separatist Chechen President Dzhokhar Dudaev, if it would help produce a
stable political settlement. Zavgaev also suggested former Russian
Supreme Soviet Speaker Ruslan Khasbulatov should play a more active role
in the political talks. Fighting in Chechnya slackened on 30 October, as
two federal servicemen were killed in 27 attacks on Russian positions.
-- Scott Parrish

RUSSIA PROPOSES LIFTING YUGOSLAV SANCTIONS. Foreign Ministry spokesman
Grigorii Karasin told ITAR-TASS on 30 October that Russia would press
for UN economic sanctions against rump Yugoslavia to be suspended as
soon as the Yugoslav peace talks open in Ohio. However, he later told
Interfax that the other members of the international Contact Group had
rejected the Russian proposal. Meanwhile, Defense Minister Pavel Grachev
said that despite the recent Russian-U.S. agreement on providing
logistical support troops for the proposed Bosnian peace implementation
force, Russia also hopes to send 1,000 peacekeepers to help police any
settlement. Grachev said command arrangements for those peacekeepers
remained unresolved and would be addressed at an 8-9 November meeting
with his U.S. counterpart, William Perry. -- Scott Parrish

RUSSIA, IRAN, AND THE CASPIAN: MORE OF THE SAME. Russian Deputy Prime
Minister Aleksei Bolshakov arrived in Tehran for talks on 30 October.
Predictably, the two sides called for the five Caspian Sea littoral
states to share in the exploitation of its resources and announced their
intention to cooperate in developing oil and gas fields in the Caspian,
Western agencies reported. Following the 9 October decision to export
so-called early oil via Georgia and Russia, Russia has emphasized the
need to determine the legal status of the Caspian before exploitation
begins. Iran has refused to be wooed by Azerbaijan's recent offer to
join in the exploitation of the gas-rich Shah Deniz field as
compensation for its being ousted from the Caspian pipeline project.
Russia and Iran are threatening to disrupt such deals unless they are
suitably compensated. -- Lowell Bezanis

KURDS, TURKS, AND RUSSIA. A three-day meeting of the so-called Kurdish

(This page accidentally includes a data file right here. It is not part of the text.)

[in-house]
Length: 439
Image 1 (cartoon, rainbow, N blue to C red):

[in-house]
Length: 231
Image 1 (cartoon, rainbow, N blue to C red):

parliament-in-exile began in Moscow on 30 October, Yeni Yuzyil reported.
The third sitting of the body, which Turkey considers to be connected to
the insurgent Kurdistan Worker's Party (PKK), is taking place in a
building attached to the Russian parliament. The Turkish government has
officially protested the fact that the meeting is being held in Russia.
Russian interest in the welfare of the Kurds is a reliable barometer of
overall Turko-Russian relations; of late they have been particularly
strained over the issue of oil export routes for Caspian Sea and
Kazakhstani oil. -- Lowell Bezanis

RUSSIA SIGNS MILITARY PACT WITH GREECE. Russian Defense Minister Pavel
Grachev and his Greek counterpart, Gerassimov Arsenis, signed a military
cooperation agreement in Athens on 30 October, Western agencies
reported. The agreement called for what Greek Defense Ministry officials
called "unprecedented cooperation" in arms production, supply, and
technical assistance. It means that NATO-member Greece will receive
Russian arms and spare parts and the two will cooperate in arms
production. More than a year ago, Arsenis said Greece was formulating a
new defense policy that would keep it within the framework of its NATO
membership but would take into account the "new strategic realities" in
the region. -- Doug Clarke

COMPROMISE REACHED ON BUDGET FORECAST. Russia's State Duma Committee and
the Russian government reached a compromise on next year's inflation
targets, eliminating a major stumbling block to approving the 1996
budget, ITAR-TASS reported on 30 October. The committee voted to base
the 1996 budget on a forecast of average monthly inflation of 1.9%, up
from the earlier government estimate of 1.2%. The government must now
recalculate the budget based on the new forecast, and it will be
submitted again to the Duma. Some deputies originally wanted the budget
to allow for an inflation rate of 3-5%, but government officials want to
continue pursuing their anti-inflationary policies. The government wants
the budget approved before a new Duma is elected on 17 December. The
current draft puts spending at 414 trillion rubles ($92 billion) and
revenues at 333 trillion ($74 billion). -- Thomas Sigel

UNLICENSED COMPANIES OPERATING IN STOCK MARKET TO BE CLOSED. Financial
companies taking deposits without a license from Russia's Central Bank
must seek licenses or transform themselves into investment funds,